Proximate cause: indirect cause

(1) an affirmative intervening force comes into motion after defendant's negligent act
(2) common examples: (i) negligent acts of third persons; (ii) crimes and intentional torts of third persons; (iii) acts of gods


Damages: personal injury

All damages both economic and noneconomic


Damages: property

Cost of repair or FMV at time of accident if severe (conversion)


Damages: Punitive

May recover for wanton and willful reckless or malicious behavior


Damages: Nonrecoverable

(1) interest from date of damage
(2) attorney's fees


Damages: duty to mitigate

Duty to take reasonable steps to mitigate damages


Damages: collateral source rule

Damages are not reduced just because plaintiff received benefits from other sources


Exceptions to contributory negligence

(1) no defense to intentional torts
(2) last clear chance: (i) helpless peril: (ii) inattentive peril; (iii) prior negligence


Imputation of contributory negligence

Contributory negligence is imputed to plaintiff only when relationship between the third party and the plaintiff is such that a court could find the plaintiff vicariously liable for the third party's negligence


Assumption of the risk

(1) elements: (i) knew of the risk; (ii) voluntarily proceeded in the face of the risk
(2) Implied assumption: where risk is one that an average person would clearly appreciate (no assumption if no alternative but proceeding in the face of the risk)
(3) no defense to intentional torts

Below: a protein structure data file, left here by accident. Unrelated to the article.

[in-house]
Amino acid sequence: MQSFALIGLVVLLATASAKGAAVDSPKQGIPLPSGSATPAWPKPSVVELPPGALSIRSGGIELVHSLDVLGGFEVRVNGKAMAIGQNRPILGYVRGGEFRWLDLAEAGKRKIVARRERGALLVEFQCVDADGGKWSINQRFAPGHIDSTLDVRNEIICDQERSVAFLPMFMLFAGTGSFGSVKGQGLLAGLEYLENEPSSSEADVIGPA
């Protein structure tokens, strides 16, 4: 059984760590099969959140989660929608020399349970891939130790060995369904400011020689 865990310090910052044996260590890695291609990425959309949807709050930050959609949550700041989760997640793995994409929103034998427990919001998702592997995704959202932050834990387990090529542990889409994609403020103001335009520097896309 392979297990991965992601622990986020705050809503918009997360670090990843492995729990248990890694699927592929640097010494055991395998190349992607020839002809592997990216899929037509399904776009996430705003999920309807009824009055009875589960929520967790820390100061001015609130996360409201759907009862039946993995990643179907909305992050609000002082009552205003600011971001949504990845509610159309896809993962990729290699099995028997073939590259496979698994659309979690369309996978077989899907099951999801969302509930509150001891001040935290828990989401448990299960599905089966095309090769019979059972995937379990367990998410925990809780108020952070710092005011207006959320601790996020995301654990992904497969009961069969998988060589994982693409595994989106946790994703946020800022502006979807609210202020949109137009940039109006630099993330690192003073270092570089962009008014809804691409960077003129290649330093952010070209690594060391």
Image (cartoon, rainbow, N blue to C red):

Comparative negligence

(1) partial: if plaintiff is more negligent than defendant then no recovery
(2) pure: plaintiff can always recover


Prima facie case: Strict liability

(1) nature of activity imposes an absolute duty to make safe
(2) dangerous aspect of the activity was the actual and proximate cause of the injury
(3) damage


Strict liability: Animals

(1) trespassing animals: strictly liable for reasonably foreseeable damage done
(2) wild animals: strictly liable to licensees and invitees for injuries
(3) domestic animals: not strictly liable unless personal knowledge of particular animals dangerous propensity


Strict liability: abnormally dangerous activity

(1) activity must create a foreseeable risk of serious harm even when reasonable care is exercised by all actors
(2) activity is not a matter of common usage in the community


Products liability: theories of liability

(1) Intent
(2) Negligence
(3) Strict liability
(4) Implied warranty of merchantability and fitness for a particular purpose
(5) representation (express warranties and misrepresentation)


Products liability: Manufacturing defect

Dangerous because it differs from its intended design (failed to perform as safely as an ordinary consumer would expect)


Products liability: Design defect

Could have been made safe with alternative design that would not have serious impact on price or utility


Products liability: Inadequate warnings

Failure to give adequate warnings as to the risks involved in using the product that may not be apparent to users (may have "learned intermediaries")


Products liability: compliance with government standards

(1) compliance is evidence of non defect
(2) noncompliance establishes defect


Products liability: unavoidably unsafe products

No liability for some dangerous products (knives) if the danger is apparent and there is no safer way to make the product